But given that Black families have long experienced this shift away from the nuclear, traditional family, it is telling that we don’t see non-nuclear Black families as paving a path to the future of the American family. Black people, Black families, and Black women, especially, never mark the path to the future.

Actually of course, many people have pointed out that very thing – that, against all that’s sensible, single motherhood has spread far beyond the confines of black culture into that of everyone else. Unsurprisingly, the dysfunction we see among African-American youth resulting from fatherlessness we’ve for a long time seen among whites and Latinos. In fact, that’s been a fairly consistent topic in many different publications, including this one, over many years. Cooper either doesn’t know the obvious or doesn’t want her readers to. She seems to want us to celebrate black leadership even when it resembles that of lemmings.

Patricia Lowe’s family [the one profiled by Coates] is represented as the kind of family that America still does not want to be, despite Coates’ argument about how Black families are victims of structures.

That’s right, and that’s the way it should be. Families without fathers strongly tend to produce the type of children who become adults and contribute little to the commonweal and take much from it. We should bend heaven and earth to keep fathers and children together whenever possible. Children need both parents. Period.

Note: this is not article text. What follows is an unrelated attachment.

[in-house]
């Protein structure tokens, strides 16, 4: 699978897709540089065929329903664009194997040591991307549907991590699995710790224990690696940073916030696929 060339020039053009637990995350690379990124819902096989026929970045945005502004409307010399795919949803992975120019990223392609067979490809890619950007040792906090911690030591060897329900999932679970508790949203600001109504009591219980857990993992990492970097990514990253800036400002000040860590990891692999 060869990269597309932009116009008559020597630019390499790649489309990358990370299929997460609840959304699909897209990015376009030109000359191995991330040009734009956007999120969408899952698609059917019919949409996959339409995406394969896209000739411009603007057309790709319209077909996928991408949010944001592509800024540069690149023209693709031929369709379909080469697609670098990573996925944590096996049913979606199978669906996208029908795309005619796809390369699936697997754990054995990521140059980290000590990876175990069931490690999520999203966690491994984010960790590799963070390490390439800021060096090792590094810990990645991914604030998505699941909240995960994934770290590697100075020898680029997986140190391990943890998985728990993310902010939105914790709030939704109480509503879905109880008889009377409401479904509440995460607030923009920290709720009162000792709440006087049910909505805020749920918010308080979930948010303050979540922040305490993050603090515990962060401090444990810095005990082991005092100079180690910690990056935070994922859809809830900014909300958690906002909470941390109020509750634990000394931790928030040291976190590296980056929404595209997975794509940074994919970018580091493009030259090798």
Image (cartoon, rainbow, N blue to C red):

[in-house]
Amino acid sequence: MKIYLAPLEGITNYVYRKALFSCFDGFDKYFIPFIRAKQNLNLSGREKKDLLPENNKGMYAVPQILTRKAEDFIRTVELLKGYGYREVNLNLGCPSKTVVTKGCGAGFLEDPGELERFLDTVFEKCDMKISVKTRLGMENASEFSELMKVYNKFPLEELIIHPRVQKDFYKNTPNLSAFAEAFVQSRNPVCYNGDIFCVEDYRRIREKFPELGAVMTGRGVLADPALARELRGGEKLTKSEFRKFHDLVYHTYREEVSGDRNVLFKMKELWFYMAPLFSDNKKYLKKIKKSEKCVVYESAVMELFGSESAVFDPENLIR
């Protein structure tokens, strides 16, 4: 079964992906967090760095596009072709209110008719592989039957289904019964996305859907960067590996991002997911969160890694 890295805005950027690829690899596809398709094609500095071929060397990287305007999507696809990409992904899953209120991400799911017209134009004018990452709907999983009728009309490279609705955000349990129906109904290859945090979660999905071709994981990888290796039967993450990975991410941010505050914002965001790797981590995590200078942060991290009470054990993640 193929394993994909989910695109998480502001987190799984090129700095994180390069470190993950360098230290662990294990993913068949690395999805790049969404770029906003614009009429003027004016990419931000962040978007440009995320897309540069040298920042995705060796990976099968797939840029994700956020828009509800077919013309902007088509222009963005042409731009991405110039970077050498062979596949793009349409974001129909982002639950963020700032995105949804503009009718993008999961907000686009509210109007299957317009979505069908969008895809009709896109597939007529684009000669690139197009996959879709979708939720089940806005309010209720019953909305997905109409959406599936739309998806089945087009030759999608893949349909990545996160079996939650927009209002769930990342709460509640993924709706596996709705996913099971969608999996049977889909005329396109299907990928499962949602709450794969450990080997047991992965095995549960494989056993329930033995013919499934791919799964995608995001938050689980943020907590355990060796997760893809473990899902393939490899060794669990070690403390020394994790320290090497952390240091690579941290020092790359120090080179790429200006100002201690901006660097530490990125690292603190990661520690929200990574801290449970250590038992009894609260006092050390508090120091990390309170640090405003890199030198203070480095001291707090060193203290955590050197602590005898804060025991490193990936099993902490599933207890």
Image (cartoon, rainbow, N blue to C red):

One of the problems of black society in America is that far, far too few black leaders lead in the direction of stable, two-parent families. How many messages do we see in which a black leader encourages black women to put off childbearing until they can do so with a reliable father? Any?

What we do see are articles like Cooper’s that extol the very behavior that is most detrimental to black children. It’s enough to raise the question whether she really wants to improve the lot of black Americans. Indeed, one of the salient features of black single motherhood is that it’s a type of behavior that’s subject to change by black people alone. No government program, no massive bureaucracy, no huge influx of funding is needed for mothers, fathers, politicians, ministers, community leaders, teachers, etc. to start preaching the good word that children need two biological parents in their lives and adults need to alter their behavior to achieve that end.

Instead we get Cooper’s celebration of family breakdown. Disgraceful.

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#singlemothers, #children'swelfare, #Salon.com, #fathers, #Cosmopolitan